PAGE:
Who needs Batman anyway?
The funny thing about this latest Batman storyline is that Batman himself is the least important player. The Dark Knight spent the bulk of issue #48 as a silent, passive partner to a scene-stealing Joker. This time around, Batman has almost no presence at all, with Tom King and Mikel Janin focusing all of their attention on the dynamic between Joker and Catwoman. And it quickly becomes apparent that a comic titled “Batman” doesn’t actually need Batman to thrive.
King and Janin’s depiction of Joker makes a marked shift in the latter half of “Best Man.” Where has was at his most monstrous and cruel in issue #48, this Joker is more down-to-earth and even pleasant, in his own, weird way. Catwoman is about the closest thing Joker has to a peer or colleague, and much of this issue unfolds as the two nurse their respective wounds, talk shop and reminisce about the good old days. It’s a rare look at how the Batman rogues view one another and their roles in the Gotham City hierarchy.
It’s a very understated approach, especially considering the force of nature Joker is normally portrayed as. If anything, the story seems a little too slow and quiet for its own good at first. But little by little, the interplay between Catwoman and Joker builds in tension. Joker makes his case for why he’s so intent on spoiling Batman’s wedding and why Selena may be misguided for trying to make an honest man out of the Caped Crusader. All of that culminates in a terrific, unsettling ending that perfectly sets the tone for the wedding to come in Batman #50. Rather than establishing this moment as a positive step forward for both characters, this issue merely casts a new layer of doubt and foreboding over the proceedings.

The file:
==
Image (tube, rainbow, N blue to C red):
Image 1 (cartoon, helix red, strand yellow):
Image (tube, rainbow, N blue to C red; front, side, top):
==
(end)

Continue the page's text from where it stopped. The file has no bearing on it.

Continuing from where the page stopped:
Janin has been given a particularly challenging assignment here. Apart from the opening fight scene, this story mainly consists of one prolonged conversation between two characters. How do you frame that conversation in such a way that it doesn’t start to drag after ten pages? Janin’s solution is to focus on careful framing of his characters. His art constantly shifts in perspective from panel to panel. The two leads may be limited in their physical movements, but the way Janin’s art draws the eye up and down maintains a consistent level of energy. Janin also emphasizes nuanced body language, rendering two character who cycle through a number of emotions and are constantly fighting back physical pain as they power through what could wind up being the final moments of their lives. If not the flashiest chapter of the series by any stretch, it’s certainly engrossing.